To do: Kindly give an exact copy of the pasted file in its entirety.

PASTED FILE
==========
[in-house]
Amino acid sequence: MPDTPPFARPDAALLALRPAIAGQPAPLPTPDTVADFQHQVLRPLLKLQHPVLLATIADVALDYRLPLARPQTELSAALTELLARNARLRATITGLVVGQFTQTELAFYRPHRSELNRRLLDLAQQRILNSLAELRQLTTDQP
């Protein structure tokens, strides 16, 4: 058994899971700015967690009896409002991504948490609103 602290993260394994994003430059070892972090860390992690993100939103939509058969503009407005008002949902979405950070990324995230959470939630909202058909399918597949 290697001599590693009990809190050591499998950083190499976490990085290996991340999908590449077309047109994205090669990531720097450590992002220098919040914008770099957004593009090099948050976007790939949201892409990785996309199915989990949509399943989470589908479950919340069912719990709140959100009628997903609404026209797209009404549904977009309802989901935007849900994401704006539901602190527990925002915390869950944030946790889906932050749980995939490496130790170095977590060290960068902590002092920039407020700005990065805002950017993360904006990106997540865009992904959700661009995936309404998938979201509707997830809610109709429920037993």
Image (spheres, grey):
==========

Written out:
[in-house]
Amino acid sequence: MPDTPPFARPDAALLALRPAIAGQPAPLPTPDTVADFQHQVLRPLLKLQHPVLLATIADVALDYRLPLARPQTELSAALTELLARNARLRATITGLVVGQFTQTELAFYRPHRSELNRRLLDLAQQRILNSLAELRQLTTDQP
């Protein structure tokens, strides 16, 4: 058994899971700015967690009896409002991504948490609103 602290993260394994994003430059070892972090860390992690993100939103939509058969503009407005008002949902979405950070990324995230959470939630909202058909399918597949 290697001599590693009990809190050591499998950083190499976490990085290996991340999908590449077309047109994205090669990531720097450590992002220098919040914008770099957004593009090099948050976007790939949201892409990785996309199915989990949509399943989470589908479950919340069912719990709140959100009628997903609404026209797209009404549904977009309802989901935007849900994401704006539901602190527990925002915390869950944030946790889906932050749980995939490496130790170095977590060290960068902590002092920039407020700005990065805002950017993360904006990106997540865009992904959700661009995936309404998938979201509707997830809610109709429920037993």
Image (spheres, grey):